Staying Plugged In: Why Turning My Cell Phone Off Is So Hard

By Genevieve Shifke | December 28, 2012

I just want to turn off my cell phone. I want to hold down that thin button, wait for what seems like 5 days for the screen to fade, and then run my finger across the “slide to power off” bar at the top.

I just can’t, though. I know I have a problem, and I want to stop. But I also don’t—what if I’m needed?

Even if no one is contacting me, it still sits there. It’s the “what if” that gets me. What if someone needs to get ahold of me at the exact moment I decided I was done with my phone for the day? What if my boss or my friend or my mom calls and desperately has to tell me a problem only I can fix? What if someone sends me a really cute and funny picture of her cat and I need to respond with “Hahaha that’s adorable” (“hahaha” shows I’m really laughing or at least I am in my head; LOL is too flippant and unoriginal, we all know you’re not actually laughing out loud) or else she’ll think I’m ignoring her?

If I don’t respond, people will stop trying to talk to me, and I don’t want that. I don’t want people to go onto the next person in their contact list—I want to save the day! I want to be important!

I’m not as bad as some. I turn my phone on silent when I go to bed instead of keeping it next to my pillow on ring, secretly (or not-so-secretly) hoping that someone needs to talk to me in the middle of the night and wakes me up (hey, that would mean I’m important and popular, right?). No. I like sleeping. I love sleeping. If something happens at 4AM and I need to know about it, I’m sorry, but I will find out hours later when I wake up.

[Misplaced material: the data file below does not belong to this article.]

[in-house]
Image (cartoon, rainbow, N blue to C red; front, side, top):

That being said, there is hardly a moment during waking hours when I do not have that device in my hand, pocket, or whatever bag I have on me. Sometimes I make an effort to give myself some time away from it. I leave it in another room and do yoga, put it on silent and leave it somewhere while I cook or watch a movie. But hardly ever am I away from it for more than a few hours.

The way I see it: in this day in age, it is not absolutely necessary, but it is highly expected for people to be constantly within reach. Instant gratification is everything these days, and nothing less can be expected when it comes to communication. Step away from your device for too long and you might become obsolete in this fast-paced and interconnected world.

One comment on “Staying Plugged In: Why Turning My Cell Phone Off Is So Hard”

  1. Herb says:

    It’s interesting at how much anxiety is provoked when we are no longer “connected” to the virtual or digital world. Our predecessors sent a letter across the Atlantic ocean, which took months to reach the target destination, and they simply waited. Based off the uncertainty of getting a letter delivered halfway across the world, you would think those people would be plagued by anxiety and paranoid thoughts due to the uncertainty, but they weren’t. In our times, we can re-send an email or text, yet we are paranoid, and scared, and always anxious.

    Most of modern society’s dependence on tech has grown so much that it hurts when they don’t have access to it!! I guess this should be some solid evidence suggesting that our times, with all this technological advancements has very little correlation to our happiness and mental comfort.

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